Labour Law Services

How Employers Benefit from Using Our Labour Law Services

Our firm represents employers, employer organisations, employees, and unions. As such, we understand both sides of the employment spectrum and are thus in a better position to negotiate with the various parties and to ensure fairness in resolving labour issues. As part of our labour lawyer services, we provide employers with guidance regarding compliance with the various labour laws of the country.

We also assist employers with aspects, such as taking legal action against employees, taking correct steps in dealing with unlawful strikes, planning and executing retrenchments in accordance with the requirements of the law, and taking disciplinary action against employees. The above are only a few of our labour law services for employers. We provide everything from assistance with the setting up of employment contracts, to the representation of employers in litigation type of labour lawyer services.

We briefly discuss the issue of taking disciplinary action against an employee after the employee has resigned to give you an indication of the complexity of South African labour laws, and why it is best to make use of our labour law services to avoid legal pitfalls in dealing with employment situations.

Resignation before a disciplinary hearing

The question is whether the employer can still take disciplinary action if an employee resigns upon notification of a pending disciplinary hearing. To understand the issue, we must determine whether the employee has given the required notice period and whether the employee is still working at the employer at the time of the hearing.

If the employee resigns without giving notice or without working the notice period required, then there is a breach of contract. Though the employee is in breach of contract, it does not mean the employer can still take the disciplinary action. The employee’s written resignation is with immediate effect and unless the employer is able to take disciplinary action before the resignation and the completion of the notice period the employer cannot have jurisdiction over the employee since the employee is no longer in an employment contract.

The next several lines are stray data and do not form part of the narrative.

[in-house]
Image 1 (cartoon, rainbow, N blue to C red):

What about the breach of contract?

The employer can take steps to claim damages from the employee for not working the notice period, but such steps do not relate to the pending disciplinary action. However, even with the above statement, it is imperative to seek legal guidance regarding a similar situation, as all the factors must be taken into consideration. We review such situations as part of our labour lawyer services and are able to represent employers in the Labour Court should the employers wish to appeal against CCMA or Bargaining Council decisions.

The above is but one situation where employers can benefit from our labour lawyer services. Other examples include drafting of contracts relevant to a particular industry, drafting of employment policies in line with the requirements of the labour laws of the country, and assisting with correct procedures to follow for dismissal.

For one, it is imperative to choose the grounds of dismissal correctly as specific procedures apply. Many employers incorrectly dismiss employees for misconduct when they should have dismissed them for poor performance.

Even if poor performance is stated, however, the employers must be able to prove poor work performance on the part of the employees and must have followed correct procedures in dismissing the employees with consideration of first or repeated offences, training and corrective guidance provided, attainable targets given, and more. The employers must consider the circumstances of the employees as well. Dismissing employees should thus be for fair reasons, and the correct and fair procedures must be followed relevant to the particular reasons for dismissals.

Avoid costly pitfalls in employment relations. Make use of our extensive range of labour lawyer services for employers to help keep your company labour law compliant. Call us at 011 234 2125 for labour law guidance and services.


Disclaimer: This article is for information purposes only and does not constitute legal advice. You are advised to consult with us before using/relying on this information. Information is relevant to the date of publishing – February 2018.

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